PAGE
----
Review | Scary Stories to Tell in the Dark | 2019
|Austin Zajur in SCARY STORIES TO TELL IN THE DARK, courtesy of CBS Films and Lionsgate.|
For those of us who grew up with Alvin Schwartz's series of books, "Scary Stories to Tell in the Dark," the eerily simple campfire stories and Stephen Gammell's haunting, spidery illustrations were the stuff of nightmares. They were scarier than "Goosebumps" and featured a collection of urban legends and folk tales that, no matter how silly at their core, seemed frighteningly plausible.
Rather than directly adapt the stories, Scary Stories to Tell in the Dark takes a page from the Goosebumps films and folds them into a separate narrative altogether, sprinkling some of its most famous tales into a story designed to bring them all together. Set in the late 1960s, the film centers around a group of teenagers who accidentally summon a vengeful spirit from a local haunted house around which ghost stories have swirled for decades. The legend says that the ghost of a young woman named Sarah Bellows would whisper scary stories to children through the walls of the house, but anyone who heard them would soon disappear. When the teens discover Sarah's book of scary stories in the house's gloomy basement, they soon discover that the legend is true, and the stories in the book are coming to life, leaving them on a race against time to find a way to stop the horrifying monsters that spring from its pages and put Sarah Bellows to rest once and for all.
The creatures are memorably rendered, often through practical effects, retaining their grotesque visages and never overplayed to the point that their lose their effectiveness. But what makes Scary Stories to Tell in the Dark so fascinating is that it parallels its tales of terror with an actual American horror story - the Vietnam war and the election of Richard Nixon. Nixon's election casts a dark shadow over the film like a real-life boogeyman, and the film boldly shifts the thematic focus of the film away from the fictional monsters that go bump in the night and toward to real villain - capitalism. Sarah Bellows, it turns out, was a victim of her wealthy family's plot to cover up the fact that their paper mill was poisoning the town's water supply with mercury, killing countless children and giving birth to the dark rumors that surrounded their family for generations. In Scary Stories to Tell in the Dark these stories have real power, to hurt or to heal, and the only way to heal the trauma of the past as a nation is to confront it head-on and tell the truth about the sins of our ancestors. In order to save ourselves and write a new story, we have to acknowledge the darkness in our history, whether it be the destructive greed of capitalism or the evil specter of racism.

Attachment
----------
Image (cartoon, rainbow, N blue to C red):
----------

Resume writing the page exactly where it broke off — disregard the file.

It's a deeply powerful theme for a film about walking scarecrows and corpses searching for their missing toes, but not only does Øvredal capture the primal spookiness of the books, with their campfire-ready things that go bump in the night, he also taps into the raw nerve of our own national conversation, and its insistence on venerating the past while ignoring its darker, more inconvenient elements. It knows that history is the scariest story of all, and it boldly places the ball in the audience's court to go out and write a new one. Øvredal turns the film's creepy funhouse aesthetic into a surprisingly adept commentary on our national obsession with clinging to false narratives about our past, choosing not to comfort us with nostalgic memories of days gone by, but to throw back the curtain on their most terrifying monsters.